When producers are looking for manure spreaders a frequently asked question is what is the difference between a horizontal and a vertical beater spreader? How do I know which spreader is going to fit my operation? Below are some comparisons and some useful information about the different spreader types.
Vertical Beater Manure Spreaders
Advantages – Vertical Spreaders
- The crop farmer likes a vertical beater spreader if you are selling manure to him or when trading manure for stalks.
- Crop farmers like the thinner spread for their soil finishers.
- With a vertical beater – even if you spread in the fall – you can go in and no till in the spring where you hauled the manure in the fall.
- A vertical beater has a very nice even and wide spread pattern.
- It also does an excellent job of breaking up the bedding pack.
- Vertical manure spreaders work great for all types of manure. They even do a good job with sloppy manure when you control your slop gate evenly.
Disadvantages – Vertical Spreaders
- A vertical beater takes more horse power and more fuel consumption than a horizontal beater manure spreader.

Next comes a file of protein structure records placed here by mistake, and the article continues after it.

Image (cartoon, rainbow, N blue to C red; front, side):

- If you are spreading in the field with a vertical, some guys comment that they do not like driving through the manure.
- You do have to change the beater teeth more often on a vertical spreader than on a horizontal spreader because the verticals turn faster than the horizontal.
- A vertical beater spreader is usually more maintenance because the gear boxes and drive shafts take more abuse.
Horizontal Beater Manure Spreaders
Advantages – Horizontal Spreaders
- A horizontal does not need as big of a tractor to run – this is usually due to the horsepower factor.
- On most horizontals you do not have to worry about the back window breaking on your tractor because of manure flying forward into the back window.
- On verticals, you will need a cv pto more often than on a horizontal.
Disadvantages – Horizontal Spreaders
- A horizontal usually only spreads as wide as the spreader.
- Some horizontals spread better than others (finer or coarser) resulting in more clods or less clods especially on bedding pack manure.
Apron chain maintenance seems to be about the same on both types of spreaders.
This is part 2 of the FAQ on what to know before buying or renting a manure spreader. You can read part 1 of this manure spreader series for more information about spreaders. Be sure to contact Dan at Post Equipment 712-476-4500 for additional questions you may have about manure spreaders. See Post Equipment’s large, dynamic inventory of new and used manure spreaders for sale and for rent.